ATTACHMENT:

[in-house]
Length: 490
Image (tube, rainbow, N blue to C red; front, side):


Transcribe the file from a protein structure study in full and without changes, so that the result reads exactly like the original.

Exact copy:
[in-house]
Length: 490
Image (tube, rainbow, N blue to C red; front, side):